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Wednesday, January 03, 2007

Not Your Father's Socialism

James Surowiecki of the New Yorker on "the most business-friendly socialism ever devised":

Synergy with the Devil, by James Surowiecki, New Yorker: ...To people on both the left and the right, [Venezuelan president] Hugo Chávez is a kind of modern-day Castro, a virulently anti-American leader... He calls for a “socialism of the twenty-first century,” and regularly floats radical economic ideas... When he spoke in front of the United Nations General Assembly in September, a day after President Bush, he said, “The devil came here yesterday.” And ... after he was overwhelmingly reëlected to the Presidency, he dedicated the victory to Castro and proclaimed it “another defeat for the devil who tries to dominate the world.”

Chávez’s rhetoric might not be out of place in “The Little Red Book,” yet everyday life for many Venezuelans today looks more like the Neiman-Marcus catalogue. Thanks to the boom in the price of oil, many Venezuelans have been indulging in rampant consumerism... In the past year, auto sales have doubled, property prices have soared (mortgage loans are up three hundred per cent)... And while Chávez has done a good job of redistributing oil revenue to the ... poor ... to improve education, health care, and housing, and has forced oil companies to renegotiate contracts, there has been no nationalization of industry, relatively little interference with markets, and only small gestures toward land reform. If this is socialism, it’s the most business-friendly socialism ever devised.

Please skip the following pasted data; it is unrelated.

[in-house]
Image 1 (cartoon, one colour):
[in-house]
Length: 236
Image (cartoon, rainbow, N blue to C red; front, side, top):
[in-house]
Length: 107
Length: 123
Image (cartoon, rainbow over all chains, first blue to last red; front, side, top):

Even stranger, Chávez’s demonization of the U.S. has had little or no impact on business between the two countries. The U.S. continues to be Venezuela’s most important trading partner. Much of this business is oil... But the flow of trade goes both ways and across many sectors. ... And, even as Chávez’s rhetoric has become more extreme, the two countries have become more entwined: trade between the U.S. and Venezuela has risen thirty-six per cent in the past year. ...

The result is that the ties between the U.S. and Venezuela have actually tightened. And there is only so much Chávez could do to loosen them without wrecking his economy... In any case, it’s far from clear that most Venezuelans want those ties loosened at all; Venezuela has traditionally been more America-friendly than other South American countries. Baseball is bigger in Venezuela than soccer, and there are Subway and McDonald’s franchises throughout the country.

The paradox is that Chávez’s anti-Americanism is central to his global appeal, while American consumers and companies are central to the economic performance of his regime. So, while he’s going around the world giving speeches about how the goose should be killed, he relies on the golden eggs to keep himself in power. This may seem like a state of affairs that can’t last, and Chávez’s supporters and detractors alike assume that, soon enough, his deeds will begin to live up to his rhetoric: he’ll cut off oil supplies to the U.S., or the like. But deep-seated ideological and political hostility between countries is often less of an obstacle to trade than you might think. Japan, for instance, is South Korea’s second-largest trading partner, despite the fact that Korean resentment toward Japan runs very high... Trade does not, as Enlightenment thinkers like Thomas Paine believed, always bring peace in its wake, “operating to cordialize mankind.” (Think, after all, of the First World War.) But the benefits of trade often excuse even the most grievous of sins. Sometimes, it just makes sense to deal with the devil.

    Posted by on Wednesday, January 3, 2007 at 12:15 AM in Economics | Permalink  TrackBack (0)  Comments (10)

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